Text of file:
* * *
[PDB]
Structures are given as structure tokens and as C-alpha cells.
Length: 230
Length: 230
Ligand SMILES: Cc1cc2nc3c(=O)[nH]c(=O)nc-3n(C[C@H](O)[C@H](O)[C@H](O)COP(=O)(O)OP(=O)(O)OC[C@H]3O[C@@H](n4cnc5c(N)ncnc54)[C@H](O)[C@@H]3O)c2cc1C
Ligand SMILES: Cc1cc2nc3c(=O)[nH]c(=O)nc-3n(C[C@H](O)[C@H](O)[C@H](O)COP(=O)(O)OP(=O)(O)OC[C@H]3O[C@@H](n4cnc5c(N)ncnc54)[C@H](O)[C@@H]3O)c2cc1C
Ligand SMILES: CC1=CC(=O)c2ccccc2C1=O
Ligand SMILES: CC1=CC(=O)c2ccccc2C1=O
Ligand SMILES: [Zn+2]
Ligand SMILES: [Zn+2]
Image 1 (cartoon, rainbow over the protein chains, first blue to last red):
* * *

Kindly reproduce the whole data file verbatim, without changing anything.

[PDB]
Structures are given as structure tokens and as C-alpha cells.
Length: 230
Length: 230
Ligand SMILES: Cc1cc2nc3c(=O)[nH]c(=O)nc-3n(C[C@H](O)[C@H](O)[C@H](O)COP(=O)(O)OP(=O)(O)OC[C@H]3O[C@@H](n4cnc5c(N)ncnc54)[C@H](O)[C@@H]3O)c2cc1C
Ligand SMILES: Cc1cc2nc3c(=O)[nH]c(=O)nc-3n(C[C@H](O)[C@H](O)[C@H](O)COP(=O)(O)OP(=O)(O)OC[C@H]3O[C@@H](n4cnc5c(N)ncnc54)[C@H](O)[C@@H]3O)c2cc1C
Ligand SMILES: CC1=CC(=O)c2ccccc2C1=O
Ligand SMILES: CC1=CC(=O)c2ccccc2C1=O
Ligand SMILES: [Zn+2]
Ligand SMILES: [Zn+2]
Image 1 (cartoon, rainbow over the protein chains, first blue to last red):